University and District Partnership
The San Diego Mathematics Project (SDMP) is a part of the Center for Research in Mathematics and Science Education (CRMSE) at San Diego State University (SDSU). SDMP serves mathematics teachers in San Diego and Imperial Counties.
The Director is Dr. Rafaela M. Santa Cruz, Associate Professor in the School of Teacher Education.
The Associate Director is Tony Spears, Director of Curriculum and Instruction, San Diego County Office of Education.
Dr. John Elwin, the Chair of the Department of Mathematical and Computer Sciences, serves as a mathematics faculty.
During the first half of the 2000-2001 year, SDMP developed partnerships with five schools in the Chula Vista K-12 cluster in anticipation of the participation of 25 of their teachers next year. We held a two-day retreat for 40 past and future SDMP teacher leaders. We also conducted a 4-6 MPDI for 65 elementary teachers in the Southbay Union School District. During the balance of the year, we will involve teachers in follow-up meetings and teacher working groups that will focus on mathematics content, the HSEE in the Sweetwater High School District, National Board Certification, student assessment, and developing partnerships with the San Ysidro School District preservice teachers in the SDSU Scho\oll of Teacher Education.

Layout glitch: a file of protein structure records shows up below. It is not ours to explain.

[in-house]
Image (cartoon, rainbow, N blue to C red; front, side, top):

The major focus of the 2001-2002 plan is to provide a comprehensive professional development program for teams of teachers from predominantly low performing school.s The program will consist of a three-week summer flagship institute, a two-day fall retreat, winter and spring follow-up Saturdays, and other events and workshops to meet local needs. The focus of all our activities will be to enhance the mathematics content knowledge of all teachers and provide them with the support needed to implement the California Mathematics and Content Standards.
Access to the Core
English learners in Los Angeles Unified School District are in one of two types of classes:
- English Language Development (ELD) classes, designed to lay the foundation and accelerate the English language learning of students who come to school speaking a language other than English, and
- Core content classes with language support.